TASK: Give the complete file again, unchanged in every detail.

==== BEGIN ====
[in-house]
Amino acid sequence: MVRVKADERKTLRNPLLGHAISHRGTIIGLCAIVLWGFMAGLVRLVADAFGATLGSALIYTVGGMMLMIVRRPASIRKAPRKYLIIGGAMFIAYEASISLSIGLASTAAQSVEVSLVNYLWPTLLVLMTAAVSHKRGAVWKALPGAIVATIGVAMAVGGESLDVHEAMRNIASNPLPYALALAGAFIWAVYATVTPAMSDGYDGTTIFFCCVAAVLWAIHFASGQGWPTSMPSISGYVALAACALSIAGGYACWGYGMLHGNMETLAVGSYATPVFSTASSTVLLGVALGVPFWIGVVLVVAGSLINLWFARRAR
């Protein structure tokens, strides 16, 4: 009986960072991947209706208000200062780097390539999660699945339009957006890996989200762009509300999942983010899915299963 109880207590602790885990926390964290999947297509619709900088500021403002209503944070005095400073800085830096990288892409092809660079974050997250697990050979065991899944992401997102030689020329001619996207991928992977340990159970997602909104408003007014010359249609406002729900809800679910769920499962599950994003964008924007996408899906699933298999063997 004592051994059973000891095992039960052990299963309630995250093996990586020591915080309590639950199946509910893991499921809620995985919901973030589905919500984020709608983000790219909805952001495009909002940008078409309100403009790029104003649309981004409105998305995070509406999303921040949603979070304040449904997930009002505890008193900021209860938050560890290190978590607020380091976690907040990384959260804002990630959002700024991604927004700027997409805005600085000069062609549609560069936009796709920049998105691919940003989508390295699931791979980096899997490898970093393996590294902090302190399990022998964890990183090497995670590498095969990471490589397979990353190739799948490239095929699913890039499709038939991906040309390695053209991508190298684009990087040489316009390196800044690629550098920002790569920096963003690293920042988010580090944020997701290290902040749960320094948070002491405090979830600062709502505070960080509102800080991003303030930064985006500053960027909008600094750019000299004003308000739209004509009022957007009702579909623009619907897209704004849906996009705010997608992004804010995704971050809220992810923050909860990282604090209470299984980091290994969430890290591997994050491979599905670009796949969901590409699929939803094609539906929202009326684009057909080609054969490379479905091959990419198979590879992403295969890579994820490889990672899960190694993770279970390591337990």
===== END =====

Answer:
[in-house]
Amino acid sequence: MVRVKADERKTLRNPLLGHAISHRGTIIGLCAIVLWGFMAGLVRLVADAFGATLGSALIYTVGGMMLMIVRRPASIRKAPRKYLIIGGAMFIAYEASISLSIGLASTAAQSVEVSLVNYLWPTLLVLMTAAVSHKRGAVWKALPGAIVATIGVAMAVGGESLDVHEAMRNIASNPLPYALALAGAFIWAVYATVTPAMSDGYDGTTIFFCCVAAVLWAIHFASGQGWPTSMPSISGYVALAACALSIAGGYACWGYGMLHGNMETLAVGSYATPVFSTASSTVLLGVALGVPFWIGVVLVVAGSLINLWFARRAR
């Protein structure tokens, strides 16, 4: 009986960072991947209706208000200062780097390539999660699945339009957006890996989200762009509300999942983010899915299963 109880207590602790885990926390964290999947297509619709900088500021403002209503944070005095400073800085830096990288892409092809660079974050997250697990050979065991899944992401997102030689020329001619996207991928992977340990159970997602909104408003007014010359249609406002729900809800679910769920499962599950994003964008924007996408899906699933298999063997 004592051994059973000891095992039960052990299963309630995250093996990586020591915080309590639950199946509910893991499921809620995985919901973030589905919500984020709608983000790219909805952001495009909002940008078409309100403009790029104003649309981004409105998305995070509406999303921040949603979070304040449904997930009002505890008193900021209860938050560890290190978590607020380091976690907040990384959260804002990630959002700024991604927004700027997409805005600085000069062609549609560069936009796709920049998105691919940003989508390295699931791979980096899997490898970093393996590294902090302190399990022998964890990183090497995670590498095969990471490589397979990353190739799948490239095929699913890039499709038939991906040309390695053209991508190298684009990087040489316009390196800044690629550098920002790569920096963003690293920042988010580090944020997701290290902040749960320094948070002491405090979830600062709502505070960080509102800080991003303030930064985006500053960027909008600094750019000299004003308000739209004509009022957007009702579909623009619907897209704004849906996009705010997608992004804010995704971050809220992810923050909860990282604090209470299984980091290994969430890290591997994050491979599905670009796949969901590409699929939803094609539906929202009326684009057909080609054969490379479905091959990419198979590879992403295969890579994820490889990672899960190694993770279970390591337990």